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Publication numberUS20050263596 A1
Publication typeApplication
Application numberUS 11/127,299
Publication dateDec 1, 2005
Filing dateMay 12, 2005
Priority dateMay 12, 2004
Publication number11127299, 127299, US 2005/0263596 A1, US 2005/263596 A1, US 20050263596 A1, US 20050263596A1, US 2005263596 A1, US 2005263596A1, US-A1-20050263596, US-A1-2005263596, US2005/0263596A1, US2005/263596A1, US20050263596 A1, US20050263596A1, US2005263596 A1, US2005263596A1
InventorsCraig Nelson, Robert Singleton
Original AssigneeSolicore, Inc.
Export CitationBiBTeX, EndNote, RefMan
External Links: USPTO, USPTO Assignment, Espacenet
Portable charger, including portable sleeve, for an electronically readable card
US 20050263596 A1
Abstract
Convenient, portable chargers for recharging a secondary battery in an electronically readable card which can be in sleeve form. The portable chargers are lightweight and portable and desirably have dimensions that are not much larger than those of an electronically readable card. The chargers may include a connector such as a sleeve for securing an electronically readable card, a power source for providing recharging power and a power interface for delivering the recharging power from the power source to the electronically readable card. The power source may take on a variety of forms including another battery, a photovoltaic array or a direct plug connection to a electric wall outlet, Universal Serial Bus port or a telephone jack. In some embodiments the portable chargers charge the battery in an electronically readable card by inductive coupling.
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Claims(23)
1. A portable charger for an electronically readable card having a rechargeable battery, the charger comprising:
(a) a connector comprising at least one electrical contact; and
(b) a power source in electrical communication with the at least one electrical contact; wherein the at least one connector is positioned such that it forms an electrical connection with a matching contact pad on an electronically readable card when the electronically readable card is secured by the connector.
2. The portable charger of claim 1 wherein the connector comprises a sleeve which defines an internal slot adapted for face or edge connection with the electronically readable card.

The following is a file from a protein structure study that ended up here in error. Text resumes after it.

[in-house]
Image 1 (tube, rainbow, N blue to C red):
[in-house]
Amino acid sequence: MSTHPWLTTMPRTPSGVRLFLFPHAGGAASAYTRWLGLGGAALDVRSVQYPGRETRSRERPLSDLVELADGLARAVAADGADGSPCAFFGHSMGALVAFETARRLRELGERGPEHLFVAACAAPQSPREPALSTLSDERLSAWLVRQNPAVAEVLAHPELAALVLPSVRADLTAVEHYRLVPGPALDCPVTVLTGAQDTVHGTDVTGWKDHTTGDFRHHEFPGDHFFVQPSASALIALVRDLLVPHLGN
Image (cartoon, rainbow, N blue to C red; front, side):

3. The portable charger of claim 1 wherein the connector comprises a sleeve which defines an internal slot adapted for face connection with the electronically readable card.
4. The portable charger of claim 2 wherein the sleeve comprises a plastic sleeve.
5. The portable charger of claim 2 wherein the sleeve has a thickness of no more than about 5 mm, a width of no more than about 10 cm and a length of no more than about 15 cm.
6. The portable charger of claim 2 wherein the sleeve has a thickness of no more than about 4 mm, a width of no more than about 8 cm and a length of no more than about 12 cm.
7. The portable charger of claim 1, wherein the power source comprises a battery.
8. The portable charger of claim 1 wherein the power source comprises one or more photovoltaic cells.
9. The portable charger of claim 1 wherein the power source comprises a remote power outlet and the connector comprises a plug adapted to engage the remote power outlet.
10. The portable charger claim 9 wherein the remote power outlet comprises a 110 V outlet, a USB port or a telephone jack.
11. The portable charger of claim 2, wherein the power source is a battery embedded in the sleeve.
12-21. (canceled)
22. A portable charger for an electronically readable card, the charger comprising:
(a) a connector for securing an electronically readable card;
(b) a primary coil connected to the connector;
(c) a power connection for delivering power from a remote power outlet to the primary coil; and
(d) a power amplifier in electrical communication with the power connection;
wherein the primary coil is positioned such that it is inductively coupled to a secondary coil on an electronically readable card when the electronically readable card is secured by the connector.
23. The portable charger of claim 22 wherein the connector comprises a base comprising a connection surface adapted to secure an electronically readable card and the primary coil is disposed on the connection surface.
24. The portable charger of claim 23 wherein the connector further comprises a cover adapted to fit over an electronically readable card when the electronically readable card is secured to the connection surface.
25. The portable charger of claim 22 wherein the connector comprises a sleeve which defines an internal slot and the primary coil is disposed on the sleeve.
26. The portable charger of claim 22, further comprising a biometric sensor integrated into the connector.
27. The portable charger of claim 26 wherein the biometric sensor is a fingerprint sensor.
28-37. (canceled)
38. A portable charger for an electronically readable card, the charger comprising a power sleeve comprising (i) at least one electrical contact adapted for contact or non-contact transmission of power to the electronically readable card; and (ii) a power source in electrical communication with the at least one electrical contact, wherein the power sleeve is about 4 mm in thickness or less and has a volume ratio between the volume of the power sleeve and the volume of the electronically readable card of 5:1 or less.